5. It’s a new basketball season and that means it is time for a new Syracuse basketball rap song.  Syracuse has a long history of official team themes, which began in 2009-10 with then assistant coach Rob Murphy’s classic track “Shut it Down”.  Murphy has since left Syracuse to become the head coach at Eastern Michigan, so the basketball team has recruited rapper and Syracuse resident World Be Free to pen this year’s theme – “We Got This”.  If ‘this’ is a repeat of the 2009-10 season, or last year’s 34-3 campaign, I think that most Orange fans will be quite pleased with the result.

Dan Lyons is a writer for Rush The Court’s Big East microsite. He also contributes to Syracuse blog Troy Nunes is an Absolute Magician and Ultimate Athlete Magazine.  You can find Dan on Twitter @Dan_Lyons76.

Share this story

Tipping Off The Big East Countdown: #12 Villanova

Posted by Dan Lyons on October 17th, 2012

Once among the most consistent programs in the Big East, Villanova seems to be stuck in a rut.  After an incredibly disappointing 2011-12, which led to the first NCAA Tournament miss for the Wildcats since 2003-04 and a year without any postseason berth since Steve Lappas’ 1997-98 team.  To top things off, Jay Wright lost his two top scorers from last season, and will have to choose between a transfer and a true freshman to run the point for the Wildcats this year.  The Wildcats hope to be one of the Big East’s most surprising teams, but it will have to have everything click right if the Wildcats expect a top-half finish in the conference.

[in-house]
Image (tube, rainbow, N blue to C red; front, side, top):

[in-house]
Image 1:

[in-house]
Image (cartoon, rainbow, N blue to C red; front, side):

2011-12 Record: 13-19, 5-13

2011-12 Postseason: None

Villanova missed the post-season for the first time in Jay Wright’s tenure in 2011-12. How will the Wildcats rebound this season?

Schedule

After a scrimmage with Carleton University, Villanova opens the regular season with Division II District of Columbia, as a part of the 2K Sports Classic.  The Wildcats host Marshall two nights later before departing to New York for the 2K Classic’s main event.  In the semifinals, Villanova takes on Purdue, followed by the winner of Alabama and Oregon State. Later in the non-conference slate, Villanova travels down to Nashville for a tough road game against Vanderbilt before returning to Philadelphia for Big 5 games against Temple, Penn, and St. Joe’s. In the Big East, Villanova has home-and-home series with Syracuse, USF, Providence, and Pittsburgh.

Who’s In

Two new players should battle it out for the starting point guard spot, as both true freshman Ryan Arcidiacono and junior Wake Forest transfer Tony Chennault look to contribute right away.  Chennault received a hardship waiver from the NCAA and is eligible to play this year after averaging nine points and three assists as the starting point guard for the Demon Deacons. The Wildcats also add 6’10″ freshman Daniel Ochefu, who should add some much needed beef inside for the oft-undersized squad, as well as Croatian guard Mislav Brzoja, who is a strong perimeter shooter.

Read the rest of this entry »

Share this story

Big East M5: Columbus Day Edition

Posted by mlemaire on October 8th, 2012